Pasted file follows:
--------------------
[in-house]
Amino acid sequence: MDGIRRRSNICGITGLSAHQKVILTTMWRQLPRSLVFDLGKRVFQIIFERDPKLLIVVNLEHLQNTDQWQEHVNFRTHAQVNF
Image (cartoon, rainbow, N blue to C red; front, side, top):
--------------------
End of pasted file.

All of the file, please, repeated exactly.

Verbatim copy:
[in-house]
Amino acid sequence: MDGIRRRSNICGITGLSAHQKVILTTMWRQLPRSLVFDLGKRVFQIIFERDPKLLIVVNLEHLQNTDQWQEHVNFRTHAQVNF
Image (cartoon, rainbow, N blue to C red; front, side, top):